This Curvy Muslim Woman Is Speaking Out About Censorship On Instagram

Update: According to Instagram, "The photo posted by @musegold meets all our guidelines and would not be taken down during a typical review." Instagram has a team of reviewers who decide whether or not a post should be removed once it's been reported as inappropriate.
Censorship of women's bodies on Instagram is nothing new. The #FreeTheNipple debate is just one example. Women's nipples and period stains and plus size bodies have all been censored by Instagram.
Now, a curvy Muslim woman is speaking out about censorship after a photo of her fully clothed body was removed.
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"I took this last November, in a moment of celebration for finally finding pants that fit both my waist and hips," she wrote on a second post of the photo. "This celebration was cut short when enough ppl reported it for @instagram to take it down. Usually I wouldn't address this β€” but here's the thing: I'm covered from head to toe, and yet my picture was seen as 'inappropriate' enough to get deleted."

I took this last November, in a moment of celebration for finally finding pants that fit both my waist and hips. This celebration was cut short when enough ppl reported it for @instagram to take it down. Usually I wouldn't address this- but here's the thing: I'm covered from head to toe, and yet my picture was seen as "inappropriate" enough to get deleted. My whole life I've struggled w/ body image issues & only in recent years have I come to appreciate my curvy body. Being a curvy Muslim woman hasn't been a easy journey. I've been made aware my whole life that my body takes up too much space and evokes negativity from mean aunties and men alike. If my hips weren't as wide, would my picture have ever been taken down? Probably not. This is the double standard in the Muslim community, as well as beyond the Muslim community. Curvy is tacitly seen as immodest-- sexualized by default-- so my photos as a curvy hijabi are consumed and seen as obscene. For centuries now, men have been policing women on how they should act, dress, speak, etc. and this incident is just another example. I don't believe in comparing myself to other women, because they're not my competition, but the harsh reality is that it's easier to be a slimmer hijabi wearing this same outfit. I'm tired of being told I shouldn't wear certain things because I'm not a size 4-6, a size range I haven't fit in since elementary school. Growing up I never saw anyone that looked like me in the media and I definitely didn't see a black, curvy, hijabi-- and still haven't to this day. Representation is important to me. Seeing women like Serena Williams, Ashley Graham, etc., feel beautiful in their skin is a inspiration to all in a world that tells women the opposite. I come from a community where ppl who look like me are not visible and are constantly shamed. This is my body & I'm not hiding it anymore to make others comfortable. Love yours πŸ’“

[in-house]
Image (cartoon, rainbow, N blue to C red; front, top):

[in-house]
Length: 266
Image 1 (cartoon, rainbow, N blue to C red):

A post shared by ya curvy hijabi (@musegold) on

The woman, who goes by @musegold on Instagram, explains that censorship is common for curvy bodies, but especially for curvy Muslim women.
"Being a curvy Muslim woman hasn't been a easy journey," she wrote. "I've been made aware my whole life that my body takes up too much space and evokes negativity from mean aunties and men alike. If my hips weren't as wide, would my picture have ever been taken down? Probably not."
She is fully clothed in the photo. You can't even see her face. Yet, enough people reported the photo that Instagram eventually removed it.
"This is the double standard in the Muslim community, as well as beyond the Muslim community," she wrote. "Curvy is tacitly seen as immodest β€” sexualized by default β€” so my photos as a curvy hijabi are consumed and seen as obscene. The harsh reality is that it's easier to be a slimmer hijabi wearing this same outfit. I'm tired of being told I shouldn't wear certain things because I'm not a size 4-6, a size range I haven't fit in since elementary school."
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So she posted the photo again, with this caption. And she's taking control over her body.
"Growing up I never saw anyone that looked like me in the media and I definitely didn't see a black, curvy, hijabi β€” and still haven't to this day. Representation is important to me. Seeing women like Serena Williams, Ashley Graham, etc., feel beautiful in their skin is a inspiration to all in a world that tells women the opposite. I come from a community where ppl who look like me are not visible and are constantly shamed. This is my body & I'm not hiding it anymore to make others comfortable. Love yours."
Refinery29 has reached out to Instagram for comment, and will update this story if we hear back.
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